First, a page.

Warning fear is responsible for keeping us safe. We’ve all experienced this kind of fear. It’s the body-flooding fear you get when you step off a curb and suddenly a blaring horn and a rush of wind tell you there was a car coming that you didn’t see. Probably because you were looking at your phone. It’s the healthy fear that gives you a surge of adrenaline to help you catch yourself when you trip on the stairs. Or, in my case, over cracks in the sidewalk. Warning fear also crops up in much more subtle situations, like those mental and emotional warnings that say that this really isn’t a relationship or business partnership that you should get any deeper in and would be better off pulling out now.
When we feel warning fear, we should listen to it and take action. Jumping back on the curb out of harm’s way is an instinctual and immediate action, but the more subtle warning fears should be acted on as well.
This is the kind of fear that says that my ego is in danger. It’s trying to keep me from feeling shame, embarrassment, guilt, or any other feeling resulting in a perceived threat to my carefully devised assembly of personal identity, worth or capability. Fear of success and fear of failure both fall into this category. Fear of “other-ness” also lives here. It results in divides across belief, race, culture, class and gender barriers. Immanuel Kant calls our ego our, “precious little self.” It’s not who we are, but rather, who we think we are. And we are very, very good at protecting our precious little selves. Fear thinks that it’s in charge of that, but it shouldn’t be.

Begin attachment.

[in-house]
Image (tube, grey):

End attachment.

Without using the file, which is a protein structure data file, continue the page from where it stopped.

Ego fear is one that we should thoroughly examine and disassemble. While warning fear should be allowed the reins of our lives at times, Ego Fear is one that we should be directing when to speak and when to be silent. Once it’s surfaced, this is the kind of fear we need to choose how much freedom it gets in our lives. It needs to be our choice, we’re in charge.
If you’ve read Stephen Pressfield’s book, The War of Art, you’ll recognize invitational fear as what he calls “resistance”. This is a type of fear that you might experience before stepping into something you were meant to do. It’s closely linked with creative work and it often appears when we are starting or approaching something; a project, a job, a new task, a new idea, a blog post, even.